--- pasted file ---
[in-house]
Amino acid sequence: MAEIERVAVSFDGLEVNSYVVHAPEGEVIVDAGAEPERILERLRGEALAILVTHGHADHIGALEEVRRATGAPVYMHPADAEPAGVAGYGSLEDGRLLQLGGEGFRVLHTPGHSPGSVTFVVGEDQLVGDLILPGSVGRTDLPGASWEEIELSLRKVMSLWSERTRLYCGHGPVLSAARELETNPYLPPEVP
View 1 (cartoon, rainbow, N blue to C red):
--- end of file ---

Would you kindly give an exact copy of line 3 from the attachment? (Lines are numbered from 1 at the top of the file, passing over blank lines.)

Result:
View 1 (cartoon, rainbow, N blue to C red):